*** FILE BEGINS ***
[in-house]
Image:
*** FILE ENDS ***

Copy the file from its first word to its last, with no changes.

[in-house]
Image: